- What People Are Saying: people are saying that Dysautonomia is a common ailment among people with autoimmune illnesses, CRPS, Chiari, Ehler’s Danlos Syndrome (EDS) and even Diabetes. The most common symptoms that people in the chronic pain community speak about is a fall in blood pressure during standing or “Orthostatic Hypertension” or a rapid pulse rate. Other things that are said about Dysautonomia are that it causes abnormal sweating, emotional instability and motor incoordination.
- Symptoms: Some symptoms of Dysautonomia *(aka Autonomic nerve disorders) are: syncope (fainting), Orthostatic Hypotension and/or intolerance, POTS (Postural Orthostatic Tachycardia Syndrome), Gastroparesis, Intestinal Dysmotility, constipation, Erectile daysfunction and neurogenic bladder. Other symptoms include: fatigue, light-headedness, weakness and cognitive impairment. In Dysautonomia involving the Gastrointestinal tract, the patients often feels nausea, bloating, vomiting and abdominal pain, when the ANS malfunctions.
- Possible comorbidities: Possible illnesses that go along with Dysautonomia can include: CRPS, EDS, Chiari, Gastroparesis, Autoimmune illnesses, Lupus, POTS, NCS (Neurocardiogenic Syncope). Other co-morbidities include: Multiple Sclerosis, RA (Rheumatoid Arthritis), Celiac Disease, Autonomic Neuropathy & Sjogren’s Syndrome etc. The worst form of Dysautonomia, which is a fatal form that occurs in adults ages 40 and up, is called MSA. This means, “Multiple System Atrophy”. It is similar to Parkin-son’s disease but MSA patients become fully bedridden wishing 2 years of diagnosis. But please note that this is very, very rare and only about 350,000 people have the MSA form, worldwide.
- Treatment options: There is no cure currently for Dysautonomia at this time but secondary forms can improve with treatments for the underlying disease. You can help the Orthostatic hypotension by elevating the head of the bed, rapid water infusion (given rapidly in an IV) and eating a higher salt diet. Other treatments may include exercise and healthy diet.
- FDA approved medications: Midodrine is an FDA approved medication that helps with the syncope and collapse.
- Complimentary Therapies: Biofeedback and exercise with the right amount of salt may help some of the symptoms of Dysautonomia. Biofeedback can teach you how to calm yourself of anxiety which often comes with this illness. There was a Webinar back in early Winter 2017, that US Pain hosted. It was about “Earthing” or “Grounding (”http://forums.phoenixrising.me/index.php?threads%2Fi-think-earthing-cured-my-dysautonomia-pots.24992%2F and this therapy has been known to help this person; who wrote her experiences about “Grounding” helping her symptoms of Dysautonomia. *I was also prescribed a “cooling vest” to help with the feeling of overheating inside of my body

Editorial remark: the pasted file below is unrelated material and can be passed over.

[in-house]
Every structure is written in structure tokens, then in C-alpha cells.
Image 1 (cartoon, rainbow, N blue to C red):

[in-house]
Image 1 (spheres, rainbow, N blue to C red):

- Best nutrition: higher salt intake and staying hydrated are the two most important things to remember with Dysautonomia and nutrition.
- Best exercise regime: Exercise can be difficult when you feel very fatigued and barely able to stand at times. Also, you need to get the permission of your Physicians before starting any exercise program. Also, staying hydrated while increasing aerobic exercise, lower extremity strengthening, increasing fluid/salt intake and psychophysiologic training for management of pain and anxiety, along with family education. People also say that exercise intolerance is part of Dysautonomia but it is essential to helping with it. Start off slowly and avoid exercises that cause orthostatic stress. This includes minimal or no vertical movement, including rowing, recumbent biking or swimming.
- . Local Support groups: Local support groups can be found at the website: “Dysautonomia International”, here: Dysautonomia International and you may email Dysautonomia International at: info@dysautonomia for online support group resources. They do not verify the accuracy of information posted in the groups*.
- . Links to other organizations and websites and additional info: The best website with a lot of information here: ( Dysautonomia International ) at “Dysautonomia International”. They have links to support groups and online support, as well as diet and exercise tips.